Those who have heard of Karl Pilkington probably know him as the guy in the TV show An Idiot Abroad. However, it was the podcasts with Ricky Gervais and Stephen Merchant (co-creators of The Office) in the mid-2000’s that earned him cult status, for his often misinformed but hilarious views conveyed in a ‘thinking out loud’ style of conversation. There is even a website dedicated to his most ludicrous opinions and quotes: http://www.pilkipedia.co.uk
One of Karl’s classic quotes came from his thoughts on how the body works, posing the question: “Does the brain control you, or are you controlling the brain? I don’t know if I’m in charge of mine”. (Have a listen on this YouTube clip)The quote inspired laughter but what’s funnier is that Karl may have been unknowingly touching on a branch of philosophy known as the “philosophy of mind”, which explores the relationship between the mind and body, as well as concepts like ‘what is consciousness?’.
The philosophy of mind is some deep stuff, but if Karl was to think out loud on the financial markets and the obsession with central bank policy, perhaps he might ask: ‘Do the central banks control the markets, or do the markets control the central banks?’ Who is in charge?’. Some people might think it is a stupid question with an obvious answer. However, there is a complexity to this question, given the dynamic nature of the world, the interdependent relationships that exist and a feedback loop that is difficult to quantify.
Over the last six years central banks have used financial markets as a mechanism for inspiring a recovery in the real economy. The “wealth effect theory” – which postulates that rising asset prices make consumers “feel wealthier”, causing them to spend more – has been the prime driver behind their expansionary monetary policy. So in this sense, one could argue that central banks are in control, providing an environment that is conducive to risk-taking behaviour, driving asset prices higher and motivating the all-important consumer to spend more, often using borrow funds, to promote economic growth.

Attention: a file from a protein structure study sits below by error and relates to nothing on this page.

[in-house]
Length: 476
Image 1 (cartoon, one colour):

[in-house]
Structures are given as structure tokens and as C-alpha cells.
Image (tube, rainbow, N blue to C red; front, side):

While the validity of the wealth effect theory is questionable, in terms of the actual impact on the real economy, there is no debating the influence of central bank policy on financial markets.
Still, one could also argue that it is the financial markets who have taken control of the central banks. There is the obvious fact that many of the figureheads at the world’s major central banks have come from the most powerful financial institutions, the name of one particular investment bank springs to mind. But from an actual policy perspective, central banks have taken the lead from the financial markets in setting monetary policy. ‘The market is calling for…” and so go the headlines.
For example, take the most important central bank of all, the US Federal Reserve. Every time they have come close to a rate hike, the financial markets have wobbled, forcing the Fed to delay raising rates and to eventually add more monetary stimulus. The sell-off that preceded the Fed’s decision on Thursday was clearly a major factor in choosing not to raise interest rates for the first time in nine years.
The Fed has inferred from the market that all is not well, taking a wait-and-see approach before raising rates. However, market participants have inferred from the Fed’s inaction and downbeat tone that there may be real cause for concern in terms of a slowdown in the global economy. Neither side really knows how things will evolve, but the financial markets are reacting like they’ve suddenly woken up to the fact that the Fed are not in control. They are winging it.
After all, when you look behind the curtain it’s just Janet Yellen and the rest of the board governors. They have no more ability than other market participants to see into the future. Their policymaking that preceded previous crises should tell you that. The Fed and the other major central banks are in experimental territory, with the end game impossible to call.
Who is in control? Let’s just say central banks have nurtured an unhealthy co-dependency with market participants. Breaking that unhealthy relationship will be easier said than done. Both sides are starting to realise that.